Twins Fabian Favourite and Fortunate Filda Frizell, 25, left Zimbabwe in 2002 when they were ten years old. Their mother was a prominent figure in education and their step-father a founding member of the party that opposed Mugabe’s regime.
We grew up in a small village in Zimbabwe in the 1990s. There was a strong sense of community in the area and we felt safe there.
As children, we loved walking in the bush, finding fruit in the mountains, marvelling at the animals and running scared from snakes. We loved making things – footballs from old plastics bags and ropes, cars from wires. Our mother reminds us we also loved to watch kids TV programmes.
We knew we didn’t have as much as other people but our faith kept us strong and those were happy days. Our father had passed away when we were one, so it was always just the three of us.
Education had always played a big role in our lives. Our mother had been educated in missionary schools before becoming a headteacher and then responsible for regional education in Zimbabwe. She was a high-profile woman, appearing often on the TV talking about her work; she was a well known in the region.
We used to hitch hike from our village out in the bush to school in Harare and our mother was the first one to start teaching us English. She had always known the value of education: as a black Zimbabwean she was excluded from attending university in her youth and was determined for us to have this opportunity.
Later on, our mother met our step-father; he was a white Zimbabwean and a founding member of the MDC – the opposition to President Robert Mugabe’s government.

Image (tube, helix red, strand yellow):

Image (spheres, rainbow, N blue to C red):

When Mugabe began to crack down on dissidents our lives changed forever.
Our mother and step-father were black listed, hunted.
On their wedding day, people came to our house to warn us – they threatened we would all be killed by the end of the night. We lived near a militia training ground, and had no doubt these threats were real.
And we were right. Young men with guns and knives arrived, the wedding guests fled into the bush and we thankfully managed to escape, taken to a friends’ house, who kept us safe. We couldn’t leave the house. When we did we were followed. We lived like this for a month. Our mother was desperate; her bank account had been totally cleared by the government, her pension confiscated. We left only with the clothes on our backs, and thankfully – she had grabbed our passports.
It was then that she told us an important secret – she had a second, undisclosed bank account where she had been saving for our university education.
We used this money to fly to the UK and when we arrived we sought asylum.
We remember arriving at Gatwick, the immigration woman separated us from our mother and took us into a small room and asked us questions. We were just young children and didn’t understand the motives behind this, or the gravity of the situation. We answered the question and had nothing to hide – to be honest; we were distracted by the Kit Kats she had left us on the table.
We had no real problem with our asylum claim – our parents’ story was all over the media. Our mother was a prominent voice, which made her an easy target.
We feel very lucky to have ended up in Canterbury – school was OK, we did sports and got involved in the local community. Teachers were keen to nourish our intellects and eventually we were accepted to Cambridge to study PPS – their version of PPE.
During our studies we had profound questions about ourselves and society at large, which studying allowed us to explore in a meaningful way.
Citizenship is something we think about every day. We feel very British but also feel passionately about doing something in Zimbabwe – aid dependency needs to stop in Africa. We’d like to establish a self-sustainable school model – one that doesn’t rely on external funds to support children.
There’s still lots we have to learn. Right now our concern is our mother’s care. She has been suffering from numerous health issues. She is the pillar, she is everything. We have each other, and we are safe, that’s the most important thing.